“I do think our neighborhoods have to become more inclusive for us to really live up to our values of Charlottesville as a world-class city.”— Dan Rosensweig
The city’s past racist housing policies have meant that most of today’s available, vacant, or inexpensive land is within historically African-American neighborhoods, says Dan Rosensweig, executive director of Habitat for Humanity of Greater Charlottesville, who also serves on the HAC. “We can't expect those neighborhoods to bear the burden of all the affordable housing in this community,” says Rosensweig. “We have to broaden our idea of equity and justice and fairness to really understand that affordable housing is all of our issue.” It’s not a burden to have affordable housing in your neighborhood, he says, it’s a blessing. And if Charlottesville residents are serious about issues of equity, then every neighborhood should come up with its own plan to have at least 15 percent of its housing affordable to low-income residents. (The city’s overall goal for 2025 is 15 percent; NDS has yet to map affordable housing by neighborhood.) “I do think our neighborhoods have to become more inclusive for us to really live up to our values of Charlottesville as a world-class city,” says Rosensweig.
But after 14 years in the city’s planning department, Haluska says, that is easier said than done. “It's not just Charlottesville, it's every community out there that has an affordable housing issue,” says Haluska. “When they actually start to do policies, when people start saying ‘Okay this is what it actually does,’ then you see this backlash.” That backlash is a result of people believing the myth that affordable housing for low-income people hurts their property value or hurts the neighborhood in some way, he says. “I think you have to be able to not just set that vision, not just set those goals, but also have a discussion of how we can accomplish these changes and add these units without jeopardizing the value of your nest egg,” says Haluska. Additionally, the policies, ordinances, and citywide strategies need to support these neighborhoods if they’re going to take this on, he says.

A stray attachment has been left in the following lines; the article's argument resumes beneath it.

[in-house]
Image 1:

One of those significant changes in 2019 is likely to be the city’s zoning. More than half of Charlottesville’s housing stock is zoned for single-family homes, says Haluska. “Single family detached housing is the most expensive housing type to build, per unit, and it takes up the most amount of land,” he says. And now, the planning commission is in the process of revising the comprehensive plan and land use map to increase the allowable density for each property. “Is there anything really bad about a duplex next to you?” Haluska asks, adding that he has one next-door to his house in Locust Grove and those neighbors are wonderful. [brian-haluska-audio-03.mp3]
“Get that development to work for us from a social justice standpoint.”— Kathy Galvin
Councilor Kathy Galvin also says she wants to move towards this shared neighborhood approach to affordable housing for low-income residents, and more. In an email to Neighborhood Development Services and city staff last summer, Galvin listed 11-pages worth of affordable housing ideas and strategies, including one that pushes for a more robust accessory dwelling unit ordinance that would incentivize single family homeowners to build smaller units on their land, and charge affordable rents. “We’ve got to make it easier to do the right thing,” says Galvin.
Galvin is also pushing for something called a “tax increment district,” which would use a significant percentage of the new real estate and property taxes generated from commercial and high-income residential properties coming online for the first time and designate that money directly to the city’s affordable housing fund. As those properties continue to rise in value, so too would the amount of tax dollars to be set aside for affordable housing. Galvin used the Water Street corridor as an example where, in addition to the brownstones, there are a series of luxury apartments and penthouse condos being finished and sold for as much as $2.5 million apiece. “Let's lasso that district now, it's already built up, it's big — and let's take 30 percent of the revenue [or] 40 percent — and then every year that 30-40 percent of the tax increment goes into the housing fund, so that you could be generating $1.5 million every year,” says Galvin. “Get that development to work for us from a social justice standpoint, accepting that it's too expensive to build affordable housing units there, let that be the way we get the revenue to build it elsewhere.”